A prevailing stereotype about Black society is that most Black fathers aren’t there for their children. Despite plenty of data unraveling this falsehood, many Black fathers are still met with microaggressions and exaggerated praise for being present in their kids’ lives.
Luckily, there are people working every day to change how society looks at Black fathers. Before diving into their work, let’s check out the numbers that reflect the reality of Black fatherhood.
Statistics Debunk Common Misconceptions
The thought that most Black kids don’t have their fathers in their lives has been twisted by research. Government data, which found that 72% of Black children are born to unmarried mothers, tend to be the source of this idea. The issue is that this statistic doesn’t take into account several factors, as pointed out by The Chicago Reporter in 2019:
“Many fatherlessness statistics utilize marital and housing statuses as cornerstone metrics, resulting in highly inflated figures. These stats do not account for the fact that men have died or passed away, couples may live together while unmarried, couples may be divorced, and, let’s not forget, that, due to the system of incarceration, men are not only separated from their families but often even prevented from staying in the homes with their families if the housing is federally provided.”
Just a few years after that 72% statistic made its debut, the National Center for Health Statistics released a 2013 study revealing that most Black fathers live with their children compared to their white counterparts. The research also shows that Black dads tend to be more involved with their children’s lives, as well:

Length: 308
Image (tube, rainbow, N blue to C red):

- Children under the age of 5: Black fathers prepared and/or ate meals more with their children compared to their white counterparts.
- Children between 5 and 18: Black fathers took children to and from activities daily more than their white counterparts. They also helped their kids with homework more compared to white dads.
Black Dads Are Changing The Narrative
According to experts and advocates, one way to dismantle harmful stereotypes about Black fatherhood is to share more positive stories. Over the last few years, organizations and support groups have been popping up with the goal of rewriting the narrative about Black fatherhood.
One such example is The Dad Gang, which originally started with Sean Williams, a father of three, posting Instagram photos with his kids, according to The Washington Post. Eventually, he started highlighting more Black fathers he knew on his page. Williams later opened up the submissions to dads outside of his friend circle, and before he knew it, the page amassed over 86,000 followers. The Dad Gang is a community where Black fathers can connect, share their experiences, and help each other while tearing down the horrendous myths about them.
“For too many years, it’s been projected that all black fathers are not in their children’s lives,” Kevin Riley, a father of two and member of The Dad Gang, told reporters. “The Dad Gang has become more than a platform; it’s a support group.”
Then there’s the Baltimore-based Dads United Organization, which has gotten news coverage from the local level all the way to ABC News. Founded in 2015 by Michael Cornish, he says the purpose of the organization is to “educate, advocate, elevate and develop a strong community of Black fathers that are engaged in their neighborhoods by creating safe spaces for healing and bonding.”
While there is still much work to be done, Black fathers and other advocates are making moves to change how Black fathers are viewed in society.
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